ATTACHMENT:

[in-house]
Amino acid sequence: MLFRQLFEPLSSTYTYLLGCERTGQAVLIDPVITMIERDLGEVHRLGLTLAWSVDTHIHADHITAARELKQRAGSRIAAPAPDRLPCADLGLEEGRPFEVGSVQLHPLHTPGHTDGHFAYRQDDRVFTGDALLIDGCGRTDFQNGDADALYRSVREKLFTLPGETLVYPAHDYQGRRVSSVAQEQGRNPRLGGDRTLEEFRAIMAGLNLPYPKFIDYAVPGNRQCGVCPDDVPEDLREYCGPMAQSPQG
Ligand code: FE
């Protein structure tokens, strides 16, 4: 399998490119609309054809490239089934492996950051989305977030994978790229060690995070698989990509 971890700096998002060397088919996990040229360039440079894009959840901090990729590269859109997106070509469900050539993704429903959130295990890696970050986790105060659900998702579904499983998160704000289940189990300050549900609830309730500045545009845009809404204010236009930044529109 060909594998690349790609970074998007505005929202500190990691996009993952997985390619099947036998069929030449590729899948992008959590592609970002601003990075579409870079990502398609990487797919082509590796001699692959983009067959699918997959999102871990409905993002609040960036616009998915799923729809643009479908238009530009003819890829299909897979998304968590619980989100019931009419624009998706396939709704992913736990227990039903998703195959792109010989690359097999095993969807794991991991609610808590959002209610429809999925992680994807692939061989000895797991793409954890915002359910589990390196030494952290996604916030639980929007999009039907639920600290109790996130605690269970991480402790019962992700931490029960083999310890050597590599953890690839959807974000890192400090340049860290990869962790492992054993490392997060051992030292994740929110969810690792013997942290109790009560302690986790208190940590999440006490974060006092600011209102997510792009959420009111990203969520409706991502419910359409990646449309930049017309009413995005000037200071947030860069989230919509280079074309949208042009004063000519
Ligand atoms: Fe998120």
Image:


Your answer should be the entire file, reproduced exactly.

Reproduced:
[in-house]
Amino acid sequence: MLFRQLFEPLSSTYTYLLGCERTGQAVLIDPVITMIERDLGEVHRLGLTLAWSVDTHIHADHITAARELKQRAGSRIAAPAPDRLPCADLGLEEGRPFEVGSVQLHPLHTPGHTDGHFAYRQDDRVFTGDALLIDGCGRTDFQNGDADALYRSVREKLFTLPGETLVYPAHDYQGRRVSSVAQEQGRNPRLGGDRTLEEFRAIMAGLNLPYPKFIDYAVPGNRQCGVCPDDVPEDLREYCGPMAQSPQG
Ligand code: FE
């Protein structure tokens, strides 16, 4: 399998490119609309054809490239089934492996950051989305977030994978790229060690995070698989990509 971890700096998002060397088919996990040229360039440079894009959840901090990729590269859109997106070509469900050539993704429903959130295990890696970050986790105060659900998702579904499983998160704000289940189990300050549900609830309730500045545009845009809404204010236009930044529109 060909594998690349790609970074998007505005929202500190990691996009993952997985390619099947036998069929030449590729899948992008959590592609970002601003990075579409870079990502398609990487797919082509590796001699692959983009067959699918997959999102871990409905993002609040960036616009998915799923729809643009479908238009530009003819890829299909897979998304968590619980989100019931009419624009998706396939709704992913736990227990039903998703195959792109010989690359097999095993969807794991991991609610808590959002209610429809999925992680994807692939061989000895797991793409954890915002359910589990390196030494952290996604916030639980929007999009039907639920600290109790996130605690269970991480402790019962992700931490029960083999310890050597590599953890690839959807974000890192400090340049860290990869962790492992054993490392997060051992030292994740929110969810690792013997942290109790009560302690986790208190940590999440006490974060006092600011209102997510792009959420009111990203969520409706991502419910359409990646449309930049017309009413995005000037200071947030860069989230919509280079074309949208042009004063000519
Ligand atoms: Fe998120």
Image: